Another broad category of climate intervention technologies involve "solar radiation management" (SRM), i.e. blocking or reflecting sunlight. Examples include using jets or rockets to blast small reflective sulphate particles into the stratosphere, "cloud whitening" to increase reflectivity by injecting saltwater mist into clouds, vast plantations of plants engineered to have shiny, reflective leaves, or covering large areas of the desert with a white/reflective coating or deplying huge arrays of mirrors into space. 

These technologies are virtually all extremely risky, expensive and/or downright nuts. But, frighteningly, they are gaining mainstream acceptability! Among the advocates are some, like Bjorn Lomberg the "Skeptical Envrionmentalist", who have denied global warming is even real. Some claim that these approaches are prefereable to reducing emissions. Julian Morris, of the International Policy Network, for example stated: "Diverting money into controlling carbon emissions and away from geoengineering is probably morally irresponsible."

The potential for "weaponization" of climate geoengineering technologies adds fuel to the fires for those who find this issue troubling. Who will control and have access to the power to control rainfall or deflect (or not) sunlight in a drought, flood, famine and water deprived future world?

Perhaps it is time for a collective pause and some deep reflection? First of all, our faith in science and technology seems to be teetering precipitously. On the one hand, we appear shocked when scientists err, as if we somehow expect the scientific method and its practitioners to be godlike in their ability to predict the future of global systems and dynamics. On the other hand, many are prepared to deny the validity of literally thousand of studies all converging towards the conclusion that global warming is in fact a reality. Further, we fail to recognize that science is merely a tool, and it's ability to uncover "truths" depends utterly on the skill and integrity of its' users. Scientific rigor demands a lag time between asking a question and offering "proof" for an answer. That time delay is inconveniently long under the current circumstances.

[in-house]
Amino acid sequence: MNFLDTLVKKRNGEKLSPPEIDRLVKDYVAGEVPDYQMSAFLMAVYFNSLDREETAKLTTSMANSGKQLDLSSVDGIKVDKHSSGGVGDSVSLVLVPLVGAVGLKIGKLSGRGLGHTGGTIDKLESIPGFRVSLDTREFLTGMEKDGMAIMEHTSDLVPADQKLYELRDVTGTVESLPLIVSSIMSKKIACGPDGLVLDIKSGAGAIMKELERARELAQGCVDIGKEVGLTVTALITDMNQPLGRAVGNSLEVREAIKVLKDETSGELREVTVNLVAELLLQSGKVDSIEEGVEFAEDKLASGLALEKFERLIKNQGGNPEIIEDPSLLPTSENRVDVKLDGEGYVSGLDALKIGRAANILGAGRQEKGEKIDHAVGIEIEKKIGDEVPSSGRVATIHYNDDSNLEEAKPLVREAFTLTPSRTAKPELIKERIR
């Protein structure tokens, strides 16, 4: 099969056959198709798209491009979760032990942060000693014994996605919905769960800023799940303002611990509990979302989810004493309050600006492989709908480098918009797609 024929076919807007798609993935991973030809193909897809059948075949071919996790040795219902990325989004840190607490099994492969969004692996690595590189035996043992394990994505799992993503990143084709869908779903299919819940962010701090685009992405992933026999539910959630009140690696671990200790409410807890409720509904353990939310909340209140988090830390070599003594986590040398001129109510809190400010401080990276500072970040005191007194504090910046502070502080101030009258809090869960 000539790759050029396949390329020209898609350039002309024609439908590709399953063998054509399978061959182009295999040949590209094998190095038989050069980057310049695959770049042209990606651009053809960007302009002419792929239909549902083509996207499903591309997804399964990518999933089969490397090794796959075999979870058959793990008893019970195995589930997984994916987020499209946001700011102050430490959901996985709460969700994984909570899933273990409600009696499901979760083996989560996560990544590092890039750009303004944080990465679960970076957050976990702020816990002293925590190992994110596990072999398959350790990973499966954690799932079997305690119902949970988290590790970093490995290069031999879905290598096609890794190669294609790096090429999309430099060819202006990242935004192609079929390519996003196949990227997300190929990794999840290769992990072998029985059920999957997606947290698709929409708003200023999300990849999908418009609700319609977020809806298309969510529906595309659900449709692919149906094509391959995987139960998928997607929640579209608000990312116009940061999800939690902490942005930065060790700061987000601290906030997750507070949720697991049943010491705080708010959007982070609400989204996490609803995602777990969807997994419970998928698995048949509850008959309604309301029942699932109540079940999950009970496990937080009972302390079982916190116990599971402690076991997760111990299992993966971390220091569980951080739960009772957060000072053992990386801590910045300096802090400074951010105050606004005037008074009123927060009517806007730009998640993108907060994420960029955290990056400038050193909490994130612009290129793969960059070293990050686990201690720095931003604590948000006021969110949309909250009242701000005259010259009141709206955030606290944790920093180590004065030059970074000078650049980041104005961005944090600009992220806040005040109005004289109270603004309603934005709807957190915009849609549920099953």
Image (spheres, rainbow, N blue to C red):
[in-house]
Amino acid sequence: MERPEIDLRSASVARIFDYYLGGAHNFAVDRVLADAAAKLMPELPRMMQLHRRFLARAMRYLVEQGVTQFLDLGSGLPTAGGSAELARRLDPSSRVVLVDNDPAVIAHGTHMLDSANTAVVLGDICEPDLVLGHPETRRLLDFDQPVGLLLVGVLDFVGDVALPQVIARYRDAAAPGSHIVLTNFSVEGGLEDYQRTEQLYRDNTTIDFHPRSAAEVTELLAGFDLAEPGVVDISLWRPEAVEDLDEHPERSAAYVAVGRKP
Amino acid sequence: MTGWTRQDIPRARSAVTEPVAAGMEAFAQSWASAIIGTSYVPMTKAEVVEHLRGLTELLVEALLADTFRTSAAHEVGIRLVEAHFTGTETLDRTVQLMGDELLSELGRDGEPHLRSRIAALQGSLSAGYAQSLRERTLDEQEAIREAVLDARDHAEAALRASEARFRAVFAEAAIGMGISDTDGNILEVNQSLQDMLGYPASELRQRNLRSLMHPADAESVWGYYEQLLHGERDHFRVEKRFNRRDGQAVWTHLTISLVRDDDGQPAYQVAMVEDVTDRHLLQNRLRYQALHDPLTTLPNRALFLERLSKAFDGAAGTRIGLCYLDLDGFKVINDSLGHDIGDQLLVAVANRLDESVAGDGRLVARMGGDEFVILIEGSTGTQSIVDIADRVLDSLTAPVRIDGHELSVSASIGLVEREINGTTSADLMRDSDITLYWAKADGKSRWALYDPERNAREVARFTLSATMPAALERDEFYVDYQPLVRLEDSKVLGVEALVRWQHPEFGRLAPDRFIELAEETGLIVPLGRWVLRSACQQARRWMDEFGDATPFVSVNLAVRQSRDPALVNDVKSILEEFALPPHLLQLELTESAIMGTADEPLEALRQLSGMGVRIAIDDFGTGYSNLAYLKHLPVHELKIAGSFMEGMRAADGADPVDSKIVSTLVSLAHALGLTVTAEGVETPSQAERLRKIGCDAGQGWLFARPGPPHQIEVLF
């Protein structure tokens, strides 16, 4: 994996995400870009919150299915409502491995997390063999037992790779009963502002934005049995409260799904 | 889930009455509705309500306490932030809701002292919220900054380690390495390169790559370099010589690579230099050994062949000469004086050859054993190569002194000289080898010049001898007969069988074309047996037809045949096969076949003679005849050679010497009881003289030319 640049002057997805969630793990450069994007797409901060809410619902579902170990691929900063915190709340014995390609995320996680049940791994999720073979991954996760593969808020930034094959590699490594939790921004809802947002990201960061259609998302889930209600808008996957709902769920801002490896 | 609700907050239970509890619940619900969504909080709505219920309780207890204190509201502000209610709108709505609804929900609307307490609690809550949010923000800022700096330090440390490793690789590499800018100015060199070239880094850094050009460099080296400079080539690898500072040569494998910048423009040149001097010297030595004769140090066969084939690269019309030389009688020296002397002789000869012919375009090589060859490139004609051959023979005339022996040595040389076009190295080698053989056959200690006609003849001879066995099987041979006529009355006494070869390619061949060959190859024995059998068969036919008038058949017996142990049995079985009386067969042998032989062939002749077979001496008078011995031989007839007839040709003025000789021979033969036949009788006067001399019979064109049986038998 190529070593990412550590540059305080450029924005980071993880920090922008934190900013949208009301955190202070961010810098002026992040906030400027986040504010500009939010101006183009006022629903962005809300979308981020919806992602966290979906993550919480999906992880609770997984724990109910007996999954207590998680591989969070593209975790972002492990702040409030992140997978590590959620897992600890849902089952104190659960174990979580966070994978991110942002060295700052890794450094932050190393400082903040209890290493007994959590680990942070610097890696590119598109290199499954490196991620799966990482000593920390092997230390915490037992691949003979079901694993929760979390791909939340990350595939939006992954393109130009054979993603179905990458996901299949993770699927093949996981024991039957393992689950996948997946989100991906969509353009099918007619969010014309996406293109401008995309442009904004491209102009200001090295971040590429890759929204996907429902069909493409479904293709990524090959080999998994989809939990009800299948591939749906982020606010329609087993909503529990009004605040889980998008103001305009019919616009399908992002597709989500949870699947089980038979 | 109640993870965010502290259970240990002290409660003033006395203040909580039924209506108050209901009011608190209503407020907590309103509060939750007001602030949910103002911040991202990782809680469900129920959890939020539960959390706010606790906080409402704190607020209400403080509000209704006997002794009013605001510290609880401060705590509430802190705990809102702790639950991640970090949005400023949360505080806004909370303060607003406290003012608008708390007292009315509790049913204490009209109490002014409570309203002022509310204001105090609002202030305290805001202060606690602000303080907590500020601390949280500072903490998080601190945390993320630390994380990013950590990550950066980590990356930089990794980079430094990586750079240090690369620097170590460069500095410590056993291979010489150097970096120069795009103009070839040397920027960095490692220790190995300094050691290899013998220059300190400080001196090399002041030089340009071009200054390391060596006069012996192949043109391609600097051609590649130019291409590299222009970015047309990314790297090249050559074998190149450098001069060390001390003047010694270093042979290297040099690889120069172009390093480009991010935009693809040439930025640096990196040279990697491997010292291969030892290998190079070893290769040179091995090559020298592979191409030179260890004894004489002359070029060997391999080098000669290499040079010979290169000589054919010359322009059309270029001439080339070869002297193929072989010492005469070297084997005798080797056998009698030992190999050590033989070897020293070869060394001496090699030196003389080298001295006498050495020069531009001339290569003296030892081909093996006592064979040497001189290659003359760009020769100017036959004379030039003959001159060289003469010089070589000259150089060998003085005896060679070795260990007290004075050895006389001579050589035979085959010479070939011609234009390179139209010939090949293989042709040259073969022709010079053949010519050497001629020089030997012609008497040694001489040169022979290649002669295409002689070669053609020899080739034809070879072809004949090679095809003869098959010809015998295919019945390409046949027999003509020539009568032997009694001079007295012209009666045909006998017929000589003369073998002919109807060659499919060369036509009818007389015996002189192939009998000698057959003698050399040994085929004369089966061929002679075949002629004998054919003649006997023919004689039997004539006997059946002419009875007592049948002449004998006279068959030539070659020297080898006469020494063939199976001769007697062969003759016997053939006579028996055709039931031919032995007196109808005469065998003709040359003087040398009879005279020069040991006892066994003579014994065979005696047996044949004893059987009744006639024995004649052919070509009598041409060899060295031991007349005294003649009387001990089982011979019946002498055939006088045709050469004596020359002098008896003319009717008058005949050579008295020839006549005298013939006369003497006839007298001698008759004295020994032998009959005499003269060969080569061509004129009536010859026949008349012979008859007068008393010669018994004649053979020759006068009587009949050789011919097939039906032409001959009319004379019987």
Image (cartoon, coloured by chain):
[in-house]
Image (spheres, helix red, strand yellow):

How do we reconcile? The decision to resort to technofixes to geoengineer our only planet is not up to the handful of profit-seeking businessmen donning lab coats at Asilomar this week. The planet is our collective responsibility. The world views held by many earth inhabitants, including most if not all indigenous peoples, is that we are not Mother Earth's "mechanics", but rather integral parts of her. This view is part of the conciousness of "Pachamama" which will be visibly present at the "negotiating tables" in the upcoming World Peoples Conference on Climate Change and the Rights of Mother Earth, being held in Bolivia next month.

I, for one, will feel far more hopeful about my children's future if decisions about climate geoengineering come not from Asilomar and the "profitable technofix" mindset, but rather out of Bolivia, with the Rights of Mother Earth as their basis.

Rachel Smolker is codirector of Biofuelwatch, and an organizer with Climate SOS. She has a Ph.D. in behavioral ecology from the University of Michigan and worked as a field biologist before turning to activism. She is the daughter of Environmental Defense Fund cofounder, Robert Smolker, and she engaged in direct action at EDF offices to oppose their advocacy for carbon trade. She has written on the topic of bioenergy, carbon trade and climate justice. She was arrested protesting outside the Chicago Climate Exchange in November as part of the Mobilization for Climate Justice day of actions, which she wrote about for